Cross-linking & Chain Scission (Hardens)

Acrylonitrile Butadiene (NBR)

Cross-linking
(Hardens)

Isobutylene Isoprene
(IIR)

Chain Scission
(Softens)

 

The resistance to oxidative degradation depends on many factors, including chemical composition, molecular weight, crosslink density, and type of cross-links. Diene elastomers that have electron-donating groups attached to the diene are usually the least stable rubbers (NR, IR), i.e. they have poor heat, ozone and UV resistance, whereas elastomers with a low number of double bonds (HNBR, IIR, EPDM) have good or even excellent heat resistance.

The stability of an elastomer is also affected by other ingredients in the rubber compounding formulation. For example, under certain conditions (residual) cross-linkers and accelerators confined in the elastomer can decrease the thermal stability because they easily undergo thermal decomposition at elevated temperature producing radicals that are capable of accelerating thermo-oxidative degradation of the network. Soluble fatty acid salts of metal ions such as Cu, Mn, Ni, Co, and Fe act as catalysts for oxidation, and thus greatly accelerate the thermo-oxidative decomposition of rubber.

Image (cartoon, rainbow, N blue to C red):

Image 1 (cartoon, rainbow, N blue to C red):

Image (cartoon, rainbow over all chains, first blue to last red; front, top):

The composition of the atmosphere plays an equally important role. For example, ozone, even when present in very small concentration, will cause extensive cracking perpendicular to the stress in the rubber.

References
  1. Y.S. Duh, T.C. Ho, J.R. Chen, and C.S. Kao, Polymers 2, 174-187 (2010)

  2. F.O. Aguele, J.A. Idiaghe, T.U. Apugo-Nwosu, J. Mat. Sci. & Chem. Eng., 3, 7-12 (2015)

  3. A.J. Boon, J. nat. Rubb. Res., 3(2), pp. 90 - 106 (1988)

  • Summary

    Degradation of Elastomers

    The deterioration of the thermo-physical and mechanical properties of vulcanized diene rubbers during service is mainly caused by oxidative degradation.

  • The absorption of no more than 1 to 2% by weight of oxygen can result in loss of all useful elastomeric properties. 

  • The degradation of a polymer can be induced by light, heat, and oxygen and can be greatly accelerated by stress and exposure to  other chemicals.

  • Oxidative degradation is usually initiated when polymer chains form radicals, either by hydrogen abstration or by homolytic cleavage of carbon-carbon bonds.

  • Thermal-oxidative degradation leads to chain scission or cross-linking resulting in the loss of mechanical properties.

  • Chain scission prevails in polymers which have electron donating groups such as -CH3 attached to a carbon of the double bond (NR, IR, IIR).

  • Cross-linking dominates in butadiene and its copolymers and in polymers that have less reactive double bonds due to electron-withdrawing groups such as halogens attached to a carbon of the double bond (BR, NBR, SBR, CR).

  • The resistance of an elastomer to oxidative degradation depends on its chemical composition, molecular weight, crosslink density, type of cross-links, as well as on the concentration of other ingredients such as residual accelerator and activator; filler and pigments.